This stringency is also relevant to cutting boards. The Chochmas Odom17 discusses cutting a piece of salty herring (a davar charif) on a non-kosher plate. He states that the combination of the sharp taste and the pressure from the blade will draw absorbed issur out from the plate and impart it into the fish. Similarly, Rav Shlomo Kluger18 writes that if an onion was cut with a fleishig knife on top of a milchig plate, both the onion and the knife will absorb a combination of meat and milk tastes, thus rendering them both non-kosher.19
For all the above reasons, it is prudent for a kosher kitchen to maintain a pareve knife and cutting board for cutting a davar charif, in order to avoid inevitable mix-ups.
IV. How Fleishig Is It?
If someone eats an onion that became fleishig through a cold taste transfer from a knife, is he then required to wait six hours (or whatever his custom is) before consuming dairy? Poskim say the answer is no.20 Although the onion is considered to be fleishig, to the extent that it may not be eaten with milk, no waiting time is necessary before eating dairy food.
The reverse situation is a matter of dispute. Some Poskim21do not allow consuming an onion that was cut with a milchig knife within six hours of eating meat. Other Poskim permit this.22
V. How Far Does It Travel?
To what extent does an absorbed taste travel when transported through the medium of a davar charif? Consider a case where an onion was sliced with a fleishig knife and then chopped inside a pareve food processor. The Magen Avraham23 rules that since the onion is a davar charif and contains a full absorption of meat taste, it will render the blades of the food processor ‘fleishig’. Taking this further, if these blades were then used to chop a second onion, that onion would also become ‘fleishig’ and may not be eaten with dairy. If a third onion was cut with a milchig knife and chopped in the same food processor, the blades have now absorbed basar v’chalav and may not be used until they are kashered.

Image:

Even HaOzer disagrees and holds that b’dieved, when the food processor was used for a second onion, we may assume that the meat taste from the first onion did not compromise the pareve status of the blades.24 Contemporary poskim follow this leniency when necessary.25 However, Even HaOzer himself concedes that ideally the blades should be kashered prior to using them for pareve items.
IV. Fish and Onions
Based on a statement in the Talmud,26 widespread practice is to avoid cooking or eating fish together with meat (including fowl) due to concern that this may cause illness. May one add onions that were sliced with a fleishig knife to a dish of fish?